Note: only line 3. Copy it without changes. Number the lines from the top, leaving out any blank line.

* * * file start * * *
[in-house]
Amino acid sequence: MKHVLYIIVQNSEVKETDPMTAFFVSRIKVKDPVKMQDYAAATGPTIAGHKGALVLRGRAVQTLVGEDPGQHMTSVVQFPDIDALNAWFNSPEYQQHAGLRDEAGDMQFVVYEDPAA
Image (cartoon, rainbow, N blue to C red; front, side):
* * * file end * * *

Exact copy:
Image (cartoon, rainbow, N blue to C red; front, side):